Skip to comments.RUSSIANS 11 MILES FROM KHARKOV; BRITISH REPULSE TUNISIAN ATTACK (2/14/43)
Posted on 02/14/2013 4:25:18 AM PST by Homer_J_Simpson
Prime Minister to Premier Stalin 14 Feb 43
The series of prodigious victories which to-night brings us the news of the liberation of Rostov-on-the-Don leaves me without power to express to you the admiration and the gratitude which we feel to the Russian arms. My most earnest wish is to do more to aid you.
Winston S. Churchill, The Hinge of Fate
The News of the Week in Review
Strategy for 1943-As Seen by Roosevelt and Churchill (map) 14
Twenty News Questions 15
The Area of Conquest Japan Must Defend (map) 16
Value of Guadalcanal to be Proved (Hurd) 16-17
India Stays Calm as Gandhi Fasts (MacDonald) 17
The Battle for Tunisia Nears Its Climax (map) 18
Eisenhower Preparing to Rout Axis in Tunisia (Middleton) 19
Luftwaffe Must Fight it Out Soon (by Raymond Daniell) 20
Answers to Twenty News Questions 20
Axis offensive strikes Americans in Tunisia
Sunday, February 14, 1943 www.onwar.com
German tanks advancing in Tunisia [photo at link]
In Tunisia... A major Axis offensive falls on the US 2nd Corps positions, west of Faid. Leading the attack are the German 10th and 21st Panzer Divisions from 5th Panzer Army (General von Arnim). General Zeigler is in immediate command.
In Burma... The Chindits cross the Chindwin River in two groups at Auktaung and Tonhe. General Wingate leads the larger northern group.
On the Eastern Front... Rostov and Voroshilovgrad are captured by Soviet forces. They also take Drasny Sulin, north of Shakhty.
February 14th, 1943 (SUNDAY)
GERMANY: No. 15 Squadron RAF tonight operate the Short Stirling Mk III in it’s first operation when they attack Cologne. (22)
ITALY: 142 RAF bombers attack Milan tonight.
U.S.S.R.: Soviet troops re-occupy Voroshilovgrad and Rostov-on-Don.
TUNISIA: Axis forces launch an offensive, taking Sidi Bou Zid and driving a wedge into the Allies.
The 10th and 21st Panzer Divisions attack the US II Corps west of Faid.
Battle of the Kasserine Pass
On this day, German General Erwin Rommel and his Afrika Korps launch an offensive against an Allied defensive line in Tunisia, North Africa. The Kasserine Pass was the site of the United States’ first major battle defeat of the war.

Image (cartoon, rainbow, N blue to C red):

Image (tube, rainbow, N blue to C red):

General Erwin Rommel was dispatched to North Africa in February 1942, along with the new Afrika Korps, to prevent his Italian Axis partner from losing its territorial gains in the region to the British. Despite his skill, until this point Rommel had been unable to do much more than manage his own forces’ retreats, but the Battle of Kasserine Pass would finally display the “Desert Fox’s” strategic genius.
In the Battle of El Alamein in August 1942, British General Bernard Montgomery pushed Rommel out of Egypt and into Tunisia, behind the Mareth Line, a defensive fortification built by Vichy French forces. After taking several months to regroup, Rommel decided on a bold move. Rommel set his sites of Tunis, Tunisia’s capital and a key strategic goal for both Allied and Axis forces.
Rommel determined that the weakest point in the Allied defensive line was at the Kasserine Pass, a 2-mile-wide gap in Tunisia’s Dorsal Mountains, which was defended by American troops. His first strike was repulsed, but with tank reinforcements, Rommel broke through on February 20, inflicting devastating casualties on the U.S. forces. The Americans withdrew from their position, leaving behind most of their equipment. More than 1,000 American soldiers were killed by Rommel’s offensive, and hundreds were taken prisoner. The United States had finally tasted defeat in battle.
BURMA: The Chindits cross the Chindwin River at Auktaung and Tonha.
Submarine USS Thresher attacks submarine I-162 off the Lesser Sundas in position 06.05S, 105.47E. Thresher fires two torpedoes, unfortunately one is a dud and the other misses.
Submarine USS Trout torpedoes and damages the Japanese auxiliary gunboat Hirotama Maru at south entrance to Makassar Strait in position 04.11S, 117.45E. Trout surfaces to sink the ship with gunfire but 7 of her crew were wounded by gunfire from the Japanese ship. Trout then finished off the Japanese ship with a torpedo. (Dave Shirlaw)
USS PC-1237 laid down.
USS PC-1201 launched.
Fleet tug USS Chippewa commissioned. (Dave Shirlaw)
ATLANTIC OCEAN: SS Duchess of York Canadian-owned, British-registered CPR passenger liner was heavily damaged off Cape Finisterre when she was bombed by Luftwaffe a/c. She was sunk later in 1943 in another air attack in the same general area. (Dave Shirlaw)
"After their humiliating defeat at the hands of German forces in February 1943, U.S. forces, reinforced by the British troops of General Harold Alexander, rallied to retake the Kasserine Pass and block the German effort to capture Tébessa, Algeria.
If the Germans had succeeded, they would have kept British and American troops from joining forces, a tactic key to winning the battle for Tunisia. Here, American soldiers salvage equipment."
Here's a little more on the topic: http://www.karl-doenitz.com/newsweekmagazine1943.pdf
As I prepare future threads I just came across the photo you posted in the NY Times of March 18. The caption is “U.S. soldiers with spoils of war taken in successful counter-attack in Kasserine Pass Feb. 22 and 23.”
FYI, the Tunisian town of Foum Tatahouine is where George Lucas got the name for his desert planet, Tatooine.